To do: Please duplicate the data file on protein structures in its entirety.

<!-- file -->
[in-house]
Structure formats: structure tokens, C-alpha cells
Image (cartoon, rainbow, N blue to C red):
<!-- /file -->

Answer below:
[in-house]
Structure formats: structure tokens, C-alpha cells
Image (cartoon, rainbow, N blue to C red):